Unpacking a civil case involving a transformer loss, and suggestions on handling transformer claims.

Transformers are electrical devices used to transfer power from one circuit to another through electromagnetic induction. Since their creation in the 1880s, transformers are now found everywhere, from compact devices used to charge our cell phones and laptops to industrial usage seen in manufacturing plants and power grids.

Along with their prolific use to electrify the world, transformer failures can occur even when the best industrial practices are used.

In 2012, the Institute of Electrical and Electronics Engineers (IEEE) published A Case Study of the Failure of Two 13.8 kV Primary Transformers. In this report, the IEEE uncovered that the resulting failures were destructive to the transformers and related electrical equipment line-up.

The first failure studied in the report occurred on 27 August 2007 involving a cast-epoxy 15kVA 13.8kV primary transformer. This control power transformer (CPT), fed one side of the line-up, failed on its primary winding side insulation. Turn-to-turn and layer-to-layer electrical shorting happened.

Interestingly, the protective “E” type primary fuse was not activated to clear the fault even though the transformer ultimately failed. The transformer had cast-epoxy inside. Investigation of this failure found the CPT failure progressed over time until the epoxy cast primary was overheated, boiling off its resin creating significant smoke, thus alerting the fire department.

The most likely failure scenario was a shorted turn in the winding due to insulation failure. As the temperature increased, the remaining insulation would fail and this would not require a substantial amount of electrical current to cause the failure. The extreme heat caused electrical arcing, progressively destroying the insulation and welding the wire together.

The IEEE study of this failure quoted from the manufacturer’s installation instructions for replacement CPTs, stating: “If a transformer develops a winding fault, in many instances the primary fuses do not clear the fault until the transformer has split open from internal pressure.”

In the second case study, a Metering Potential Transformer (MPT) failure that occurred on 17 December 2010 was also analysed. That failure involved a cast-epoxy 13.8kV primary transformer and was destructive to it and the related switchgear line-up.

As in the first case study, the “E” type primary fuse did not clear the fault. The failure of the MPT caused a short-circuit and ground fault at the MPT’s input contacts, melting and vaporising the contacts. That damage caused an arc flash and arc blast sufficient to mechanically destroy facility equipment, blowing the lower compartment front door off the enclosure holding the MPT and damaging the rear panels to that compartment.

Originally, in the instance of the first case study, when the failure happened, temperature rise was the likely initiator and proactive replacement of CPTs was begun. However, after examining the second case study failure it became apparent that an MPT is not a powerhandling transformer that would have a problem with temperature rising during usage. What became apparent is that degradation of the epoxy can cause catastrophic failures. The normal life span of transformers is 20 years and many have continued to work long after that up to 80 years of age.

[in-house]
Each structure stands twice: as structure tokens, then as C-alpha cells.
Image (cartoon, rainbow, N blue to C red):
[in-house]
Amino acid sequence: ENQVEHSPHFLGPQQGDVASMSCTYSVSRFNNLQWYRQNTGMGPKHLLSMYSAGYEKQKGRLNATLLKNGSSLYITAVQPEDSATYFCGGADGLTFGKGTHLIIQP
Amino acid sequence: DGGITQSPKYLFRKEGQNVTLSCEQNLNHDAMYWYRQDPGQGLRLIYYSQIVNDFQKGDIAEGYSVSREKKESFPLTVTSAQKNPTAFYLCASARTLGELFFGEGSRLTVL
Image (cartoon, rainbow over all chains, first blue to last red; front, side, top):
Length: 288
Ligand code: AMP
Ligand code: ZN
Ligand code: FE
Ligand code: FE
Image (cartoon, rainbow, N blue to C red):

Civil case involving a control power transformer

The concerns with cast epoxy breakdown were explored in a recent civil case. An electrical facilities building had a catastrophic failure of a CPT transformer that caused a fire and power outage. That failure caused fire and smoke damage to equipment at the facility. Initial examination revealed the fire originated in an electronic equipment cubicle in the building.

Closer examination revealed it was a CPT. That CPT showed substantial internal electrical arcing and ground faulting. An experienced engineering consultant specialising in transformer failures was retained to investigate.

The investigation found no evidence of long-term overloading or any system problems that would have caused external electrical activity to damage the CPT. The epoxy insulation in the failed CPT did not prevent electrical arcing as it should have. The expert’s enquiry further showed that inadequate epoxy insulation allowed arcing, heating the copper windings and transferring additional heat to the epoxy insulation. Long-term arcing inside the high voltage windings caused further breakdown of the epoxy insulation, creating a void that permitted ground faulting and ultimate failure of the transformer.

The intense, localised arcing that damaged and deformed the high voltage windings had not caused a long-term overload or an external fire. The plaintiff contended in the civil action that the CPT with inadequate insulation permitting electrical arcing was a manufacturing defect as well as a design defect under strict liability tort law. After extensive investigation, filing suit and discovery, the subrogation matter was confidentially resolved. In common law jurisdictions, tort is a civil wrong that unfairly causes someone else to suffer loss or harm resulting in legal liability for the person who commits the tortious act.

Observations and recommendations

As noted in the IEEE report, transformer failures put the entire connected electrical supply system at risk of failure. Improper epoxy insulation in transformers can cause fires. If you are faced with a transformer loss, engaging an experienced engineering expert is essential along with preserving related physical evidence. Failure to assess epoxy insulation as part of your expert’s fault tree transformer failure analysis will result in a costly burden for the utility to cover along with customers’ furore over being left in the dark.